Probably the big So.Me story of the week was GigaOm’s infographic declaring that 83% of Google+ users are inactive. This generated a lot of debate about are we seeing Google+ Fatigue where perhaps the real discussion should have been about how Google+ compares to the other networks. As we discovered earlier in the week Jakob Nielsen’s studies in 2006 suggested the Social Networks followed a 90:9:1 Rule for Participation. This would suggest that (at least based on this study) Google+ is actually more active rather than less active than the average social network.
Back in April Business Insider published a chart that suggested on 51% Twitter’s 175 Million users had no followers and only 10% follow more than 50 people. This doesn’t account for the number of inactive users on the network but it does provide some insight into health of the network.
You may also recall that back in February Jim Edwards examined the LinkedIn IPO documentation only to discover the surprising admission that “a substantial majority” of the network’s members “don’t actual visit the web site on a monthly basis” (See LinkedIn Confesses That Most of Its “Users” Don’t Use the Site). Again it was a case of the majority of page views being generated by a minority of power users.
Which raises the question. Why is this so? Why isn’t LinkedIn engaging enough to keep the substantial majority glued to the site on a daily basis?
Today there is a lot of discussion about social influence. What we don’t hear too much about is the correlation between influence and intimacy. Or, how in a social world, some actions are more equal than others.
I would postulate that in a social world my level of influence in a relationship is directly proportional to the level of intimacy expressed by the relationship . Or, put another way, I am more likely to swing the deal over a beer, lunch or a cup coffee than I am by Tweeting or updating my LinkedIn or Facebook status.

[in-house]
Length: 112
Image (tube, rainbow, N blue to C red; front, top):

Of course Social Circles is often touted as what makes Google+ different (Think: David Armano’s Google figures out humans) and this diagram below expresses both of these ideas by showing the degrees of intimacy in the relationship. As you can see Social Media is peripheral while the mobile phone and sharing food are central. (This is what made Jonathan’s Card such an interesting social experiment and why in this context RIM’s “Crackberry” handset business represents a more interesting business networking model than LinkedIn)
This is in the end is the LinkedIn challenge. It doesn’t solve the real problem. It doesn’t even help me to solve the real problem. At best it represents a remote opportunity to explore the problem.
For example: If I am having a beer with a mate and he introduces me to a friend of his and we get talking about a deal. The next step is to send through the IM or the Business Case that is on his iPhone. What happens next? Does he invite me to join him on LinkedIn and then share the IM via LinkedIn? No. He just emails it to me. Why? Because we have already jumped passed the LinkedIn stage of intimacy. If we do go back later and hook up on LinkedIn it’s because we are using it as a memory stick or because we which to make a private:public statement. Nothing more. At best a minor measure of social success. At worst a meaningless metric that allows the So.Me guru to measure influence.
LinkedIn is peripheral (maybe even external) rather than central to the opportunity and this is the challenge that LinkedIn has to resolve. It needs to become central to managing, exploring and executing the business opportunity. More Salesforce than a warehouse of C.V.’s.